• Kentucky gives lawmakers one number, investors another
  • New rules make funding levels look worse then they did before

When Kentucky Governor Matt Bevin proposed his budget in January, he told lawmakers the teacher retirement system had $13.9 billion less than needed to cover promised pension benefits. The state’s audited financial statements earlier estimated the shortfall was about 55 percent larger, at $21.6 billion.

The discrepancy for the pension that serves 122,000 current and former school workers didn’t result from a secret investment windfall that slashed its debt. It’s because of a gulf that’s emerged between official figures that are disclosed to municipal-bond investors -- and those states and cities can rely upon when deciding how much they need to pay into their retirement funds.

New accounting rules that took full hold last year prevent governments from counting on investment returns after they’re broke, a technique that masked the scale of the debts they face as workers retire. But outside of their certified books, they’re free to sideline it.

“There is great confusion about the numbers and what they mean,” said Robert North Jr., former chief actuary for New York City’s pension funds. “Whatever numbers are used are dependent on how they are created, what they represent and their purpose.”

The strains of America’s public pension funds have taken on renewed importance since the credit crisis, which saddled them with investment losses from which they haven’t fully recovered. By the end of 2015, state and local government retirement systems had $1.7 trillion less than they will eventually need, up from a $293 billion shortfall eight years earlier, according to Federal Reserve Board figures.

Because governments typically count on investment returns of more than 7 percent a year, when they fall short of that they need to pump additional money into the funds to catch up. Such financial pressure led Moody’s Investors Service to cut Chicago’s bond rating to junk last year and threatens to exaggerate the fiscal crisis in Puerto Rico. It can also pose risks to municipal-debt investors if a government goes broke: In the major bankruptcies that followed the recession, bondholders bore deeper losses than retirees.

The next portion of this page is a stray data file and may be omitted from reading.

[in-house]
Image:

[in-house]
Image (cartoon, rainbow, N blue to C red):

The changes from the Governmental Accounting Standards Board were aimed at addressing concerns that states and cities were using investment-earnings forecasts to minimize the size of their unfunded debt to retirees. As a result, when putting a current value on pension obligations due far in the future, they now have to use less aggressive assumptions for the years after they run out of cash. That increases the stated liability.

The standards, which aren’t required by federal regulations, don’t mandate how governments calculate their annual payments into the funds, said Keith Brainard, who tracks pensions for the National Association of State Retirement Administrators.

“Systems are generating two numbers for two different purposes,” said Brainard. “One for accounting and one for funding.”

The difference can be significant. When New Jersey sold bonds earlier this year, it put both in the official documents that were provided to investors. Under the old accounting standard, it’s unfunded liability was $43.8 billion. Under the revised one, $78.8 billion.

With the new rules, the funding level of the Kentucky Teachers’ Retirement System is 45.6 percent, meaning it has 45.6 cents for every dollar it owes, according to the annual financial report released in December. Governor Bevin used the more well-funded level of 55.3 percent when asking the legislature to determine how much money the state needs to allocate for the pension.

The higher figure is reflection of different assumptions, said Mark Bunning, Kentucky’s deputy finance secretary. “The numbers we use can change over time as assumptions about investment returns evolve,” he said.

If the funding level is higher, governments don’t have to pony up as much, which means they may eventually not have enough to cover what they owe to retirees, said Chris Tobe, a pension consultant who previously served as a trustee of the Kentucky Retirement Systems.

“They have to use GASB when they issue bonds, but when they seek funding from the legislature it’s better to go with higher numbers,” said Tobe. “The larger numbers make them look better funded and then they don’t have to raise taxes or cut spending on education.”

The accounting standards setter anticipated that government officials would take time to get used to the new rules.

“It’s something we would expect during this transition period as some take comfort in having the old numbers,” said Kip Betz, a spokesman for GASB. “I expect we’ll evolve away from that over time.”

In the meantime, it’s sowing some confusion about the financial health of the retirement plans. “The public would have a better understanding if the two numbers could be reconciled in a way that would make clear what they mean,” said David Crane, a lecturer of public policy at Stanford University.

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